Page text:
His discoveries helped usher in the era of modern physics, laying the foundation for such fields as special relativity and quantum mechanics. Many physicists regard Maxwell as the 19th-century scientist having the greatest influence on 20th-century physics, his contributions to the science are considered by many to be of the same magnitude as those of Isaac Newton and Albert Einstein. In the millennium poll—a survey of the 100 most prominent physicists—Maxwell was voted the third greatest physicist of all time, behind only Newton and Einstein. On the centenary of Maxwell's birthday, Einstein described Maxwell's work as the "most profound and the most fruitful that physics has experienced since the time of Newton". James Clerk Maxwell was born on 13 June 1831 at 14 India Street, Edinburgh, to John Clerk Maxwell of Middlebie, an advocate, Frances Cay daughter of Robert Hodshon Cay and sister of John Cay, his father was a man of comfortable means of the Clerk family of Penicuik, holders of the baronetcy of Clerk of Penicuik.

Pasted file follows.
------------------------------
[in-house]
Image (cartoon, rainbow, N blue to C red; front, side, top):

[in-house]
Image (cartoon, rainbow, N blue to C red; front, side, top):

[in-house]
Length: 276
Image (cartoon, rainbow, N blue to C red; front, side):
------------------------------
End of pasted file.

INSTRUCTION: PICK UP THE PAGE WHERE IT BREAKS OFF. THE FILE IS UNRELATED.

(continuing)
His father's brother was the 6th Baronet. He had been born "John Clerk", adding Maxwell to his own after he inherited the Middlebie estate, a Maxwell property in Dumfriesshire. James was a first cousin of both the artist Jemima Blackburn and the civil engineer William Dyce Cay. Cay and Maxwell were close friends and Cay acted as his best man when Maxwell married. Maxwell's parents married when they were well into their thirties, they had had one earlier child, a daughter named Elizabeth. When Maxwell was young his family moved to Glenlair, in Kirkcudbrightshire which his parents had built on the estate which comprised 1,500 acres. All indications suggest. By the age of three, everything that moved, shone, or made a noise drew the question: "what's the go o' that?" In a passage added to a letter from his father to his sister-in-law Jane Cay in 1834, his mother described this innate sense of inquisitiveness: He is a happy man, has improved much since the weather got moderate. He investigates the hidden course of streams and bell-wires, the way the water gets from the pond through the wall....